Nasugbu farm shelters pets rescued from volcano

January 22, 2020 - 8:43 AM
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Volunteers at a makeshift shelter help dogs rescued from the exclusion zone surrounding Taal Volcano in Nasugbu
Volunteers at a makeshift shelter help dogs rescued from the exclusion zone surrounding Taal Volcano in Nasugbu, Batangas January 21, 2020. (Reuters/Joseph Campbell)
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A small farm in Nasugbu, Batangas is providing a safe haven for pets rescued from an exclusion zone around an active volcano.

Taal began spewing clouds of ash on Jan. 12, forcing thousands to flee their homes and abandon their pets.

Felix Casba, a caretaker at the farm in Nasugbu town, said he and his boss have been taking in stray dogs for years, but since the eruption, they’ve collected more than 200 new animals, including goats, cats, rabbits and pigeons.

“If things in the area go back to normal, then the owners of the dogs will come and claim them. But if the dogs remain unclaimed, then we’ll still take good care of them for life,” Casba said on Tuesday, after accepting a dozen rescued dogs.

Authorities have thrown a 14-km exclusion zone around the volcano, with experts saying an eruption could bring a devastating rain of rocks and magma and unleash a tsunami in the lake around it.

Volunteer Renz Oliver Garcia, 27, said he and other rescuers have been sneaking around back roads to avoid police roadblocks and rescue pets and livestock at addresses posted by desperate owners on social media.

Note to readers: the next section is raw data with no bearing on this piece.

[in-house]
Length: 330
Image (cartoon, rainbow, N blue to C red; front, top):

Garcia said he did not mind the risks, even if he had been bitten by rescued animals.

“Yes, I have been bitten so many times. The risk is rabies. When a dog bites me, we observe the condition of the dog. Then I’ll have rabies shots. But sometimes, I don’t get the rabies shots after the bite,” he said.

More than 100,000 people have been evacuated after Taal, one of the Philippines‘ most active volcanoes, erupted more than a week ago, blanketing homes, schools and farms with ash.

Volcanologists have kept the danger level at 4 out of a possible 5, meaning that a “hazardous explosive eruption is possible within hours to days”.

Just 311 meters (1,020 feet) high, Taal is one of the world’s smallest active volcanoes. It killed more than 1,300 people in an eruption in 1911.—Reporting by Joseph Campbell; Editing by Giles Elgood